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Old 07-28-2009, 10:14 AM
 
Location: Atlanta
7,732 posts, read 13,104,557 times
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Monocle is a British Magazine.
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Old 07-28-2009, 10:20 AM
 
Location: Denver
6,627 posts, read 13,421,936 times
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Quote:
Originally Posted by AK123 View Post
Paris? Yuck, sorry. And yes, I've been.
Tokyo? Way too crowded and expensive.
Although there are several others on there I'd agree with.
The list is obviously biased against US cities for some reason.
Not necessarily...we just need to find what factors they find most important when determining quality of life factors. I'd be willing to bet they place a heavy grade on walkability, public transportation, access to healthcare, crime rates, and diversity of population. Many of the cities in the United States are diverse, but they fail miserably in those other categories...especially crime.

Paris, yuck? That may be your opinion, but it's considered to be one of the greatest and most beautiful cities in the world by many people, so I don't know why you're surprised by it being on the list. Tokyo may be crowded and expensive, but the sounds of it, this list was created by Europeans. Most of their major cities are crowded and expensive. They don't share the American dream of having a yard and a picket fence, etc, so those other factors which you listed aren't detrimental in their eyes.
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Old 07-28-2009, 12:02 PM
 
8,256 posts, read 15,810,658 times
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These are not livable for most of the world, even most of the US, population. Most people do not have enough money to even afford a studio apartment in any of these cities.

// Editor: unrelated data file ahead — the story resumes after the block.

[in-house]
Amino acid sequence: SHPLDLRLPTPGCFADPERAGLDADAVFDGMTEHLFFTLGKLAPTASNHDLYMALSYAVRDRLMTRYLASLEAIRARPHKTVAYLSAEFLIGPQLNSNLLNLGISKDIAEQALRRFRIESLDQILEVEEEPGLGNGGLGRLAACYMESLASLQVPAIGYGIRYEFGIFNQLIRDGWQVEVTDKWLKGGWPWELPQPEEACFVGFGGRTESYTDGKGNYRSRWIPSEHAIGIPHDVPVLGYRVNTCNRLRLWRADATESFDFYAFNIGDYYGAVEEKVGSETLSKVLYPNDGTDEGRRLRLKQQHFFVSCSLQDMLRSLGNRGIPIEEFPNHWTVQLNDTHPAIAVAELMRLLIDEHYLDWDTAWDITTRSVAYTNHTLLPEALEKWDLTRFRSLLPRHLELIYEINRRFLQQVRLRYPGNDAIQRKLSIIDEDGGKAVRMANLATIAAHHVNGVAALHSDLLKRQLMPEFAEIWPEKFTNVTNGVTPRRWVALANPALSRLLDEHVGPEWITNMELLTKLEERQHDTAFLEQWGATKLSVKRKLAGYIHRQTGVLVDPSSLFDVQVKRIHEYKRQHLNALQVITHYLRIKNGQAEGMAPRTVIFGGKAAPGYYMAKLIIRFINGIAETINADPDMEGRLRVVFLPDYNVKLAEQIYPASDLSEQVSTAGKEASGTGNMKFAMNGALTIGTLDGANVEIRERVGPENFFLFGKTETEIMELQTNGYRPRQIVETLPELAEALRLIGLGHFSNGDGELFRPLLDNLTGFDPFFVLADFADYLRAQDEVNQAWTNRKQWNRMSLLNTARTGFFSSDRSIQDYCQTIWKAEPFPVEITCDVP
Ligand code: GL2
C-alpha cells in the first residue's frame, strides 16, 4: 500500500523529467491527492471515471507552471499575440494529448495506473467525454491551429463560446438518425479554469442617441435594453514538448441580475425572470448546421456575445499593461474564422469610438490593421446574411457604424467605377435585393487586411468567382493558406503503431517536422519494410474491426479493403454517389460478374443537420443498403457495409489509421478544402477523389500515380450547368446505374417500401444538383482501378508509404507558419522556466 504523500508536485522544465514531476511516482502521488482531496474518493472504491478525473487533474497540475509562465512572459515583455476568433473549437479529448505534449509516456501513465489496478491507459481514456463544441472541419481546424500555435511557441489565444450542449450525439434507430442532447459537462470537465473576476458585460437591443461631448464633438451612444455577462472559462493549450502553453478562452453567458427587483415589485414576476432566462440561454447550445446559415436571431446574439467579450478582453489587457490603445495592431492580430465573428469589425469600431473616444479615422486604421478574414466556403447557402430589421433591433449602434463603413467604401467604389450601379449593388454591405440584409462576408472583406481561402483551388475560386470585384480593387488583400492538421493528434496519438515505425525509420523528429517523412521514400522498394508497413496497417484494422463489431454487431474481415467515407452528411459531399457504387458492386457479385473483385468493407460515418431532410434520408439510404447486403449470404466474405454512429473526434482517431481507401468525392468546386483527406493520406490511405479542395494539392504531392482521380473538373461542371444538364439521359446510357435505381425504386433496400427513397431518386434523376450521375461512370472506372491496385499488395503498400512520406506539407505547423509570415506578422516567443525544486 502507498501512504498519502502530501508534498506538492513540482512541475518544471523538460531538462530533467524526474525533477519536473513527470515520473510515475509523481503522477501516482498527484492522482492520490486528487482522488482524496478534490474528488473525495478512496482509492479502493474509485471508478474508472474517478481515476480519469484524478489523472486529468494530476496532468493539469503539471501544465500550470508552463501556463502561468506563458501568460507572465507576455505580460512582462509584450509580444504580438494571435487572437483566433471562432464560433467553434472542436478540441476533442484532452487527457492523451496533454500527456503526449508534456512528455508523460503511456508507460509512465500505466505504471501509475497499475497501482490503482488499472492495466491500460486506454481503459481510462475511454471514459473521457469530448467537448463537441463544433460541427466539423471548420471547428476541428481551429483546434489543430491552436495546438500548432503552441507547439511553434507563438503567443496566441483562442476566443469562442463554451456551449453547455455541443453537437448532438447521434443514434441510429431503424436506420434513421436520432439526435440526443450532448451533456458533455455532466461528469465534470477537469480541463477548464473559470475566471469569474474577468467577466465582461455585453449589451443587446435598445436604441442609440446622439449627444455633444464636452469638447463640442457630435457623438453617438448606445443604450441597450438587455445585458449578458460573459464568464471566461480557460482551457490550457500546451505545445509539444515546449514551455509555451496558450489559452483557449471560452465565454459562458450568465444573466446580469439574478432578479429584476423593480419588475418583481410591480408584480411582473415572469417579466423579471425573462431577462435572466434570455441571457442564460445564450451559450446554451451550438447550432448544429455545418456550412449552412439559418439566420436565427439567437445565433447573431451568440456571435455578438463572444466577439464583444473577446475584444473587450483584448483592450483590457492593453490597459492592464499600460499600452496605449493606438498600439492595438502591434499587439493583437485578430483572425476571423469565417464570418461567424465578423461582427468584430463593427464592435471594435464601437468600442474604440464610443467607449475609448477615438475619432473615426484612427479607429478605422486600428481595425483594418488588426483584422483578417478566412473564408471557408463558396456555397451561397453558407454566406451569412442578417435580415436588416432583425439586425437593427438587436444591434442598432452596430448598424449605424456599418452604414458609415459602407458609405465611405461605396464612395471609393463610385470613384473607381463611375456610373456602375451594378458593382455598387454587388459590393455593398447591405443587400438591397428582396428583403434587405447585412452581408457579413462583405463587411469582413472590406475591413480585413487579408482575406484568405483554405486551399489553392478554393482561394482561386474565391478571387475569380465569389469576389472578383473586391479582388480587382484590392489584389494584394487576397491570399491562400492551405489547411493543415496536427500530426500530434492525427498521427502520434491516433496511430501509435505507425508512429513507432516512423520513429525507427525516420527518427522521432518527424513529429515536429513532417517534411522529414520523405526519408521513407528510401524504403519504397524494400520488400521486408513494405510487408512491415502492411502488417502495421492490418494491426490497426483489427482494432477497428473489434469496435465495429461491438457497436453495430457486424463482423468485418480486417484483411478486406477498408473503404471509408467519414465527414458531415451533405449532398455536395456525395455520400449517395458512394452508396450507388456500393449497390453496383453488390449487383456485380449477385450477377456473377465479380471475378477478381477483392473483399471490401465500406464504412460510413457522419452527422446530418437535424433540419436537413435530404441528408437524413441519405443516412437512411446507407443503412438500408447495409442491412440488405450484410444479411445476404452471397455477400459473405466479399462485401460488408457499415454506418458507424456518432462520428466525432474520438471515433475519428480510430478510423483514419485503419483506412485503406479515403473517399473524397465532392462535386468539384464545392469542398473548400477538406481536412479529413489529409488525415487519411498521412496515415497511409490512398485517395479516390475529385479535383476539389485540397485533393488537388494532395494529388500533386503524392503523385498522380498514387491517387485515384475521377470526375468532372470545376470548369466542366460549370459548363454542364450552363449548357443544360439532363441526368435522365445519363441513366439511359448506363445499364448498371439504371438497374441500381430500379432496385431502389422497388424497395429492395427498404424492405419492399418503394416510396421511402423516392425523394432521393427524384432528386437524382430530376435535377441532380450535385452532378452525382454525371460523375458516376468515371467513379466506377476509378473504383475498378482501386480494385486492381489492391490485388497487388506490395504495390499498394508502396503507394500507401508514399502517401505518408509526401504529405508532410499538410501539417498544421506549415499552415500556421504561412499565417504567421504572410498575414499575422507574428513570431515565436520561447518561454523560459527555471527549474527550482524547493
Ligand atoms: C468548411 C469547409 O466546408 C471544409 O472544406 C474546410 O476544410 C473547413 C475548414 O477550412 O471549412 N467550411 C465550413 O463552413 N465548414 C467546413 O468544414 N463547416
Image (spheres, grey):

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Old 07-28-2009, 12:21 PM
 
259 posts, read 382,756 times
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Looks like America isnt the center of the universe as so many here think it is.
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Old 07-28-2009, 01:46 PM
 
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Apparently they didn't consider how far your money can go. Just the absolute best cities. Sometimes we need this kind of ranking. It is so dull to always consider cost of living as a factor to rank cities. That way you don't know which one is the best in the real sense. From time to time people need be reminded where the real cool places are. There are stuff money can't buy and some public features are available to all people whether you are rich or poor. Like another person said, I bet they consider cleaness, public transportation and healthcare as main factors. I remember I read somewhere about that.


Quote:
Originally Posted by jessemh431 View Post
These are not livable for most of the world, even most of the US, population. Most people do not have enough money to even afford a studio apartment in any of these cities.

Last edited by fashionguy; 07-28-2009 at 02:16 PM..
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Old 07-28-2009, 01:53 PM
 
98 posts, read 270,722 times
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I read the article last night in the bookstore, the factors of livability were:

- Transportation
- Cleaniness
- Healthcare
- Culture